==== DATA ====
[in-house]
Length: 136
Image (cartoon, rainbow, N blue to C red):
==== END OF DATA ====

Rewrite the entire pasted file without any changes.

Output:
[in-house]
Length: 136
Image (cartoon, rainbow, N blue to C red):